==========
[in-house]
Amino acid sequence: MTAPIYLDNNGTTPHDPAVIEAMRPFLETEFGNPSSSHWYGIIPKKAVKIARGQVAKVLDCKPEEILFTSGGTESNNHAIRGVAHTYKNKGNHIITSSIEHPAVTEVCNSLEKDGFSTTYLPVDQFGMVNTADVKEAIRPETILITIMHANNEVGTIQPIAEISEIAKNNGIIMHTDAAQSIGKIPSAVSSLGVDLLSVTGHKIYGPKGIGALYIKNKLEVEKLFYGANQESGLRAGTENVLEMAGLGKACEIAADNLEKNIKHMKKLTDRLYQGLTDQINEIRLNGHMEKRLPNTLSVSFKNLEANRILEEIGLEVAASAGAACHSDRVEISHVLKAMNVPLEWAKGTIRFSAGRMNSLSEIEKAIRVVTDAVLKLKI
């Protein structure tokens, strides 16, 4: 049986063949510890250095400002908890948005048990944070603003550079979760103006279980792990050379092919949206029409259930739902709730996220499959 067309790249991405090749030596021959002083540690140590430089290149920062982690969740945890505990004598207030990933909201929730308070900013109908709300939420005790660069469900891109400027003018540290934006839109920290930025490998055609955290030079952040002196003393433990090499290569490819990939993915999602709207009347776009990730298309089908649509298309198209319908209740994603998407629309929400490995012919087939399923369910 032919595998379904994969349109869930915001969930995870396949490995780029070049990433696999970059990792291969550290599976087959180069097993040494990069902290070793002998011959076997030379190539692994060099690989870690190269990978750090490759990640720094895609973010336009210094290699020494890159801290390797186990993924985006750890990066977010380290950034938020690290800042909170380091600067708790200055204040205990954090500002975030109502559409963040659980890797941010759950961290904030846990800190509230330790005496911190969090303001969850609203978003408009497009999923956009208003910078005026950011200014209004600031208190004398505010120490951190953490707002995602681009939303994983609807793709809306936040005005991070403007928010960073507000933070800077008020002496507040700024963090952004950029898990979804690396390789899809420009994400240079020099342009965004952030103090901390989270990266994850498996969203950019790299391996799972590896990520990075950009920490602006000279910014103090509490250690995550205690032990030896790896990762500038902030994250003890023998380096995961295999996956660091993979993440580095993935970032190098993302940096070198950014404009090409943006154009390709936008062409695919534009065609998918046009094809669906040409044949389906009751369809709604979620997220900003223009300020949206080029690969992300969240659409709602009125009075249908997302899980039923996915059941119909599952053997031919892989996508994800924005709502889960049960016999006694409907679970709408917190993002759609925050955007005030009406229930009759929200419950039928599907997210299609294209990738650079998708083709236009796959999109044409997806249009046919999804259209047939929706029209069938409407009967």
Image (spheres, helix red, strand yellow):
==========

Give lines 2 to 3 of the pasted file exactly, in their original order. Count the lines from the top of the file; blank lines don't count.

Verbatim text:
Amino acid sequence: MTAPIYLDNNGTTPHDPAVIEAMRPFLETEFGNPSSSHWYGIIPKKAVKIARGQVAKVLDCKPEEILFTSGGTESNNHAIRGVAHTYKNKGNHIITSSIEHPAVTEVCNSLEKDGFSTTYLPVDQFGMVNTADVKEAIRPETILITIMHANNEVGTIQPIAEISEIAKNNGIIMHTDAAQSIGKIPSAVSSLGVDLLSVTGHKIYGPKGIGALYIKNKLEVEKLFYGANQESGLRAGTENVLEMAGLGKACEIAADNLEKNIKHMKKLTDRLYQGLTDQINEIRLNGHMEKRLPNTLSVSFKNLEANRILEEIGLEVAASAGAACHSDRVEISHVLKAMNVPLEWAKGTIRFSAGRMNSLSEIEKAIRVVTDAVLKLKI
């Protein structure tokens, strides 16, 4: 049986063949510890250095400002908890948005048990944070603003550079979760103006279980792990050379092919949206029409259930739902709730996220499959 067309790249991405090749030596021959002083540690140590430089290149920062982690969740945890505990004598207030990933909201929730308070900013109908709300939420005790660069469900891109400027003018540290934006839109920290930025490998055609955290030079952040002196003393433990090499290569490819990939993915999602709207009347776009990730298309089908649509298309198209319908209740994603998407629309929400490995012919087939399923369910 032919595998379904994969349109869930915001969930995870396949490995780029070049990433696999970059990792291969550290599976087959180069097993040494990069902290070793002998011959076997030379190539692994060099690989870690190269990978750090490759990640720094895609973010336009210094290699020494890159801290390797186990993924985006750890990066977010380290950034938020690290800042909170380091600067708790200055204040205990954090500002975030109502559409963040659980890797941010759950961290904030846990800190509230330790005496911190969090303001969850609203978003408009497009999923956009208003910078005026950011200014209004600031208190004398505010120490951190953490707002995602681009939303994983609807793709809306936040005005991070403007928010960073507000933070800077008020002496507040700024963090952004950029898990979804690396390789899809420009994400240079020099342009965004952030103090901390989270990266994850498996969203950019790299391996799972590896990520990075950009920490602006000279910014103090509490250690995550205690032990030896790896990762500038902030994250003890023998380096995961295999996956660091993979993440580095993935970032190098993302940096070198950014404009090409943006154009390709936008062409695919534009065609998918046009094809669906040409044949389906009751369809709604979620997220900003223009300020949206080029690969992300969240659409709602009125009075249908997302899980039923996915059941119909599952053997031919892989996508994800924005709502889960049960016999006694409907679970709408917190993002759609925050955007005030009406229930009759929200419950039928599907997210299609294209990738650079998708083709236009796959999109044409997806249009046919999804259209047939929706029209069938409407009967």